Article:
Top recyclers receive glitzy gold award
January 17, 2013
FORT LEE, Va. (Jan. 17, 2013) -- The winners of a 2012 post-wide recycling contest were recognized Monday during a brief ceremony attended by U.S. Army Garrison Fort Lee Commander Col. Rodney D. Edge, Command Sgt. Maj. Sheila R. Nelson, garrison CSM, and other important guests.
Maj. Gerri Fletcher, commander of Veterinary Services for Joint Base Langley-Eustis, accepted the brand new golden recycling bin award on behalf of the animal-treatment facility here. Also featuring a ring of multicolor jewels around the rim and base, the glitzy travelling trophy is "a fun way to recognize those agencies that contribute the most to the installation's recycling goals," according to Cindy Rood, the Environmental Management Office Solid Waste Program manager here.
In November, Rood said, the EMO team conducted a trash survey to determine how well Fort Lee agencies were supporting the recycle program. "Basically, we went dumpster diving to see how much stuff wound up in the trash can instead of the recycle bin. We checked 180 buildings and our average diversion rate was 51 percent, which means we still have a lot of work to do in the recycling arena."
The Fort Lee Veterinary Clinic was singled out as the agency with the least amount of recyclable products winding up in its trash cans. Staff Sgt. Kelly Caneen, the noncommissioned officer in charge of the facility, said it's an accomplishment that she's proud of because they did it as a group "just because they knew it was the right thing to do." None of them were even aware of the contest until they saw the EMO team digging through their trash and asked what it was all about.
"I guess we've always recognized the importance," she said. "We're all about saving the animals so we figured why not save the earth too?"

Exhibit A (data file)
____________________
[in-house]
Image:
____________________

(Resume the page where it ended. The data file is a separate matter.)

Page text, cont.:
A good recycling program requires a team effort, Caneen continued. Her coworkers aren't afraid to speak up if someone tosses a bottle or can in the trash. "After a while, it (recycling) becomes a habit because you know people are watching," she said. "In our case, we were soon asking for additional recycling bins, so we kind of knew we were on the right track."
Rood nodded in approval. One of the biggest problems with recycling, she said, is not being aware of the importance of the program or limiting one's efforts to paper products.
"That's our biggest hurdle here … making folks understand that it includes glass, aluminum cans and plastic drinking bottles," she said. "We can do a lot to encourage each other to recycle more at work and at home. Every effort is important because it can save vast amounts of money and resources.
"At Fort Lee, we also need to consider the Army's goal of Net Zero (by 2030)," she said. "In this case, it means 100 percent of the products we use here are either repurposed or recycled when they are no longer needed. None of it is going to landfills or polluting our environment. That's a big goal but, as we've seen here today, we can get there with the right amount of dedicated effort."